My first true friend killed one of my false assumptions when we were teenagers. She did what true friends push you to do. #emotionalintelligence
We shared a crush on the same new boy in town. I was shocked that knowing my interest,which I declared first, she took after him also. When I complained, she simply said with raised eye brows and a gentle smile:
“All’s fair in love and war.”
Mind boggling for me at that time, but an important lesson for it started me examining the reality of relationships. Our friendship survived this blow to my assumptions and today she remains one of my best friends.
By the way neither she nor I were successful in our quest for this young man’s attention.
She and my other best friends share one trait: They tell it like it is but do so wisely.
Virginia Satir, a family therapist guru, once said something to the effect that telling someone they needed a deoderant was an act of love. She also makes clear in this interveiw that how you tell matters .
EMOTIONAL FITNESS tRAINING tIPS FOR TELLING IT LIKE IT IS
Tip one: make sure it matters. All too often we feel a need to make our friends think the way we do. Not really important for most things.
Safety issues? Definitely matter. Increasing hate in the world? Another big one.
Offensive body odors putting others off? Maybe but only if it can be changed; so if it is simply the need for a deodorant a friend speaks out. But what if it is a colestomy smell that is not so easily done away with or rotten teeth the owner cannot afford to fix? Speaking about things that cannot be easily changed hurts, so hold best to hold your tongue unless you can offer a solution that will work.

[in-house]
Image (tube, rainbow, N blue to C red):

Tip two: Say what you mean, but don’t say it mean. The article sited above is well worth reading, but just keeping good manners in mind and apologizing or asking permission before opening a door on something the other might find hurts might be sufficient.
Here’s a formula: “I hope you can hear what I am going to say because I care for you and think this is important” and then following that after you have had your say, “I hope this was helpful, if not thank you for being gracious and listening.”
Tip three: Be matter of fact. My friend did not do any of the above, but when she said what she said, it was in a matter of fact way with no emotional edge of any sort. If she had sneered, or seemed to laugh, or had anger in her voice it would have hurt.
Tip four: Remember the Five to One rule. What’s the five to one rule? It refers to the research of John Gottman. He studied marriages and found he could predict which would last and which would not. The ones that lasted were those in which good feelings happened five times more often than bad feelings.
Certainly what made my friendship with my truth speaker last so long is the fact that starting in kindergarten, we shared many good times.
Tip five: Don’t awfulize (make mountains out of mole hills) other people’s criticisms. Think, learn, thank, and let go. Doing so requires strong self-soothing skills.
If you like this post share it with another. That is practicing deliberate kindness which is part of the skill of saying what has to be said without saying it mean. .
As always, thank you for your support.
This post fits in with Today’s Word Press’s Aug 7, 2014 DAILY PROMPT Think Again: Tell us about a time you made a false assumption about a person or a place — how did they prove you wrong?
I think I’ve answered that one.
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